Sarah Zhang of The Atlantic spoke with author Kate Moore in an article entitled The Girls With Radioactive Bones, about the lives of young women who worked in radium-dial factories. Zhang described the women:
They would, quite literally, glow. During World War I and the years thereafter, dozens of teenage girls and young women worked in radium-dial factories, painting glow-in-the-dark numbers onto watches and airplane instruments. The paint got onto their hands, into their hair, and settled on their clothes. And so, they glowed.
The young women had no reason to worry about radium then. The factories assured them it was safe. They were even taught to paint tiny numbers on the dials by licking their paintbrushes to a fine point. Plus, radium was supposed to be good for you. You could buy radium water, radium face cream, radium toothpaste, and even Radium Brand Creamery Butter. These products didn’t actually all contain the expensive and precious element, but the evocation of radium gave them a healthful glow.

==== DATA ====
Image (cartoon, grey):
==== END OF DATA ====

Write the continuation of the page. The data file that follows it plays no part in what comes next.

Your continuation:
Then years later, after they stopped working the factories, the women started getting mysteriously ill. Their teeth started to fall out. Their jaw bones—brittle and degraded—broke at a light touch. Their hips locked into place. Their skin wouldn’t heal.
From the interview with Moore:
Zhang: But not everyone thought that radium was harmless, right? The dial painters were taught to lick their brushes, but the male lab technicians working for the very same company took precautions around radium. Was there a gender or class division at play?
Moore: I absolutely think that’s right. I think they did think the girls were expendable and disposable. The thing that got me was when Arthur Roeder, the president of the United States Radium Corporation, was on the stand, he was asked, “What was the first case that you knew of?” He says, “I don’t remember the name.” Essentially, you’ve killed these people and you can’t remember their name. That for me was stunning.
These “radium girls” revealed the danger of radiation with their lives. Many of these women sued the companies that made them sick, and in the process of fighting for safety standards brought the dangers to light in the Manhattan Project. Moore’s book is The Radium Girls, The Dark Story of America’s Shining Women (Amazon, Barnes & Noble). You can read an excerpt at Amazon, Barnes & Noble, and on GooglePlay Books.